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Teacher Julie has given us hope for the future

PUBLISHED: 13:05 05 January 2011

Teacher Julie Carter with Noah Hutchings. She is retiring after 30 years of helping families with deaf children.

Teacher Julie Carter with Noah Hutchings. She is retiring after 30 years of helping families with deaf children.

ARCHANT NORFOLK PHOTOGRAPHIC © 2010

Teacher Julie Carter has worked with deaf children in Norfolk for 30 years. As she retires, Derek James discovers how she has helped one Norwich family.

Little Noah Hutchings is not yet two years old, but he is already learning two languages.

Noah talks with his hands, and can say a few words too, despite being profoundly deaf.

Today his parents are full of optimism about Noah’s future and want to pay tribute to a woman they met on the day he was diagnosed.

Julie Carter has just retired as a teacher of the deaf. For 30 years she has been helping deaf children overcome their difficulties, and Noah was one of her final pupils.

Cerian Hutchings, Noah’s mum, remembers: “We first met Julie the same day we found out that Noah was deaf.”

Cerian, and her husband Matt, of Henderson Road, Norwich, were first told Noah had hearing problems when he was eight weeks old, and four weeks later learnt that he was profoundly deaf.

“It was a huge shock. We hadn’t suspected anything was wrong with his hearing, and having had a straightforward pregnancy and birth it was totally unexpected,” said Cerian. “Also, neither of us knew any deaf people, or had any experience of deafness so we were really apprehensive of what the future held.”

Julie visited the same day.

“Meeting Julie has been great, she reassured us that Noah should be able to have the same future we had imagined for him, and that he should be able to achieve everything he wants,” said Cerian.

“She explained all the things that were likely to happen, and all the people we were likely to meet. There are a lot of appointments and new terminology to get to grips with.”

Noah is currently being assessed for cochlear implant hearing aids, which will take sound directly to his auditory nerve.

Cerian and Matt, who both work at the University of East Anglia, had never come across a deaf child. “This is a hidden condition that people either don’t talk about or aren’t aware of but around one in 1,000 children are born deaf and most parents with deaf children have no history of deafness in their families,” said Cerian.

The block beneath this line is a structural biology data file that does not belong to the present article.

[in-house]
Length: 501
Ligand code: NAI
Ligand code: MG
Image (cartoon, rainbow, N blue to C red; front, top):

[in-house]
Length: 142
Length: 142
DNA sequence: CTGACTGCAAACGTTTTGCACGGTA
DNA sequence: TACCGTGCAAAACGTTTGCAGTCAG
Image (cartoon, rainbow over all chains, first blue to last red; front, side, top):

After talking through all the options they decided to use a system of sign language and spoken words with Noah. “We’ve been signing with Noah since he was four months old and he’s really signing a lot now,” said Cerian. “Basically we sign along with what we’re saying and this gives Noah a really big clue, along with the sound he’s getting from his hearing aids and by lip reading, so that taking all these clues together he can work out what’s going on.”

Local charity Deaf Connexions arranged for a specially trained deaf tutor to visit the family regularly and teach them sign language – as well as acting as a deaf role model for Noah. “That’s been brilliant,” said Cerian. All Noah’s grandparents are now learning sign language too, and two of his aunts ran this year’s London marathon for deaf charities.

And Julie’s regular visits also help Noah build his language skills through play.

Julie always wanted to teach deaf children – and has just retired after a career spent helping many hundreds of youngsters achieve success despite their hearing problems.

She became known as Norfolk’s expert on a system of teaching deaf children language called “cued speech.” In it, sounds are represented by different hand-shapes, so that any word can be shown, as well as said. She taught many families how to use cued speech, and helped children learn to lip-read and speak English, through the system.

She also learnt sign language although she said: “When I first started teaching deaf children it was very much a period when signing was not used. Thankfully now we are at a stage where there is informed choice for parents.”

New technology has brought some of the biggest changes – with hugely improved hearing aids and, most significantly of all, the advent of cochlear implants. This has given many more deaf children access to a world of sound, and heard and spoken language.

When Julie began working she said she had to fundraise to buy children specialised hearing aids.

Another big change has been the age of the children she works with. Today, babies have their hearing tested at birth. “They can be diagnosed at a few days old and have their first hearing aids at a few weeks old so they don’t miss out on all that vital early exposure to sound,” said Julie.

She still hears from families she helped many years ago.

“I’ve loved it and it’s been an absolute privilege to be welcomed into the homes of parents and young children,” she said. Now she hopes to enjoy photography and crafts after taking early retirement.

“She has really helped us to come to terms with having a deaf child,” said Cerian. “Finding out your child is deaf is obviously a huge shock but the support we have received, from Julie and from all the other health and learning professionals we have met, has been incredible. We’re very lucky to live in Norfolk because it has such great support for deaf children and their families. We’re also lucky to have an amazing, bright and very happy little boy.

“Julie was right, he can achieve anything he wants and being deaf isn’t holding him back at all!”

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